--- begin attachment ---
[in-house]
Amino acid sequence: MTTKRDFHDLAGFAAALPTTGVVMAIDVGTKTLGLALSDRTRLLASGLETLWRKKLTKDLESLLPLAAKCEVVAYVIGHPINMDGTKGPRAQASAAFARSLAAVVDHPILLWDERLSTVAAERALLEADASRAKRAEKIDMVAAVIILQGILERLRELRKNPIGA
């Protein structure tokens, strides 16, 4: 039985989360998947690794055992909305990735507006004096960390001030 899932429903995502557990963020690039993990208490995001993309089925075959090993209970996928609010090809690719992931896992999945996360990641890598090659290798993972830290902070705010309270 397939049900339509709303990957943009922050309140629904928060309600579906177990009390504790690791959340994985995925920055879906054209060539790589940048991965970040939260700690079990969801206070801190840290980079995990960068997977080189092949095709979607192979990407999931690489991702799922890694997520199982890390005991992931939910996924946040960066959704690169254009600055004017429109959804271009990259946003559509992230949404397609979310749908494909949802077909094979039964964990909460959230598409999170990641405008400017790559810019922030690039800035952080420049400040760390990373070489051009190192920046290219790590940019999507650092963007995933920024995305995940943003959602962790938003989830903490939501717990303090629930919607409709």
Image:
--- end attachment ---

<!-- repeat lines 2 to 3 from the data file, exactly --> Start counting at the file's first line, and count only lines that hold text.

Amino acid sequence: MTTKRDFHDLAGFAAALPTTGVVMAIDVGTKTLGLALSDRTRLLASGLETLWRKKLTKDLESLLPLAAKCEVVAYVIGHPINMDGTKGPRAQASAAFARSLAAVVDHPILLWDERLSTVAAERALLEADASRAKRAEKIDMVAAVIILQGILERLRELRKNPIGA
């Protein structure tokens, strides 16, 4: 039985989360998947690794055992909305990735507006004096960390001030 899932429903995502557990963020690039993990208490995001993309089925075959090993209970996928609010090809690719992931896992999945996360990641890598090659290798993972830290902070705010309270 397939049900339509709303990957943009922050309140629904928060309600579906177990009390504790690791959340994985995925920055879906054209060539790589940048991965970040939260700690079990969801206070801190840290980079995990960068997977080189092949095709979607192979990407999931690489991702799922890694997520199982890390005991992931939910996924946040960066959704690169254009600055004017429109959804271009990259946003559509992230949404397609979310749908494909949802077909094979039964964990909460959230598409999170990641405008400017790559810019922030690039800035952080420049400040760390990373070489051009190192920046290219790590940019999507650092963007995933920024995305995940943003959602962790938003989830903490939501717990303090629930919607409709």